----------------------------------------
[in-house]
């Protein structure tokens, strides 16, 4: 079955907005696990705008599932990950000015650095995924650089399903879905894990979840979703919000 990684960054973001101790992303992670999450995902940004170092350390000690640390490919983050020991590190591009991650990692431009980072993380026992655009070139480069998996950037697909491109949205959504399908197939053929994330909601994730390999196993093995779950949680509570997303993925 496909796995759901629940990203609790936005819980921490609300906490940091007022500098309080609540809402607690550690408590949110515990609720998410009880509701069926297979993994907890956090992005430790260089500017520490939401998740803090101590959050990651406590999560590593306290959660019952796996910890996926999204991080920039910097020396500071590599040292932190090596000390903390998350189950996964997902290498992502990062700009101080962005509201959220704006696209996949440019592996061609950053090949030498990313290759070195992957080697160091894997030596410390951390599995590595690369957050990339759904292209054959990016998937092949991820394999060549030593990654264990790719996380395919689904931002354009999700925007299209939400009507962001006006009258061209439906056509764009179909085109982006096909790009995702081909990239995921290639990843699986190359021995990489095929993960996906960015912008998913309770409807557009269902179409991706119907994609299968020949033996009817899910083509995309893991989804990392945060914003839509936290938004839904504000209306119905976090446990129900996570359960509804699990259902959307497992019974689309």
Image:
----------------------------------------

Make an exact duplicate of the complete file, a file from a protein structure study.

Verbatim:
[in-house]
């Protein structure tokens, strides 16, 4: 079955907005696990705008599932990950000015650095995924650089399903879905894990979840979703919000 990684960054973001101790992303992670999450995902940004170092350390000690640390490919983050020991590190591009991650990692431009980072993380026992655009070139480069998996950037697909491109949205959504399908197939053929994330909601994730390999196993093995779950949680509570997303993925 496909796995759901629940990203609790936005819980921490609300906490940091007022500098309080609540809402607690550690408590949110515990609720998410009880509701069926297979993994907890956090992005430790260089500017520490939401998740803090101590959050990651406590999560590593306290959660019952796996910890996926999204991080920039910097020396500071590599040292932190090596000390903390998350189950996964997902290498992502990062700009101080962005509201959220704006696209996949440019592996061609950053090949030498990313290759070195992957080697160091894997030596410390951390599995590595690369957050990339759904292209054959990016998937092949991820394999060549030593990654264990790719996380395919689904931002354009999700925007299209939400009507962001006006009258061209439906056509764009179909085109982006096909790009995702081909990239995921290639990843699986190359021995990489095929993960996906960015912008998913309770409807557009269902179409991706119907994609299968020949033996009817899910083509995309893991989804990392945060914003839509936290938004839904504000209306119905976090446990129900996570359960509804699990259902959307497992019974689309």
Image: